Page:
The New York Times recently posted a list of “100 Things Restaurant Staffers Should Never Do“.
At one time or another, I’ve complained about almost every one of them. Some of my favorites:
- Do not lead the witness with, “Bottled water or just tap?” Both are fine. Remain neutral.
- Do not recite the specials too fast or robotically or dramatically. It is not a soliloquy. This is not an audition.
- Never say “I don’t know” to any question without following with, “I’ll find out.”
- Know before approaching a table who has ordered what. Do not ask, “Who’s having the shrimp?”
- For red wine, ask if the guests want to pour their own or prefer the waiter to pour.
- Saying, “No problem” is a problem. It has a tone of insincerity or sarcasm. “My pleasure” or “You’re welcome” will do.
- Do not let guests double-order unintentionally; remind the guest who orders ratatouille that zucchini comes with the entree.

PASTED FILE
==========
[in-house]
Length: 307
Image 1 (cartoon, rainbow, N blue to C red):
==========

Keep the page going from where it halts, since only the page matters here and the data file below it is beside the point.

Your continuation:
- If there is a prix fixe, let guests know about it. Do not force anyone to ask for the “special” menu.
- Do not serve an amuse-bouche without detailing the ingredients. Allergies are a serious matter; peanut oil can kill
- Specials, spoken and printed, should always have prices.
- Let the guests know the restaurant is out of something before the guests read the menu and order the missing dish.
- Do not ask if a guest needs change. Just bring the change.
I love this, though, as the author says in the opening, some servers will argue these points. You can read the article here.